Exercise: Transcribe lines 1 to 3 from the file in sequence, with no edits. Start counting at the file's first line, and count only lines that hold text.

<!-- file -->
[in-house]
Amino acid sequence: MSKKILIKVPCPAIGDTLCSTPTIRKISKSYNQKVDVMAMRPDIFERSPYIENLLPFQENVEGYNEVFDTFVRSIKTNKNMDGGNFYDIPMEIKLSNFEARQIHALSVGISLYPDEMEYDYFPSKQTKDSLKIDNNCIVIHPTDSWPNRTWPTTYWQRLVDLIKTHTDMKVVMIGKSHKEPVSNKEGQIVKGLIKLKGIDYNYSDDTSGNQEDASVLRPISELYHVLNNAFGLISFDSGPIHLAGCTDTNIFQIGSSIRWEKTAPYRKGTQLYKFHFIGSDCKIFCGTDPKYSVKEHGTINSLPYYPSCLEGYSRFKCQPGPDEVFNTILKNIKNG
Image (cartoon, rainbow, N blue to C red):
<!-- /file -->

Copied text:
[in-house]
Amino acid sequence: MSKKILIKVPCPAIGDTLCSTPTIRKISKSYNQKVDVMAMRPDIFERSPYIENLLPFQENVEGYNEVFDTFVRSIKTNKNMDGGNFYDIPMEIKLSNFEARQIHALSVGISLYPDEMEYDYFPSKQTKDSLKIDNNCIVIHPTDSWPNRTWPTTYWQRLVDLIKTHTDMKVVMIGKSHKEPVSNKEGQIVKGLIKLKGIDYNYSDDTSGNQEDASVLRPISELYHVLNNAFGLISFDSGPIHLAGCTDTNIFQIGSSIRWEKTAPYRKGTQLYKFHFIGSDCKIFCGTDPKYSVKEHGTINSLPYYPSCLEGYSRFKCQPGPDEVFNTILKNIKNG
Image (cartoon, rainbow, N blue to C red):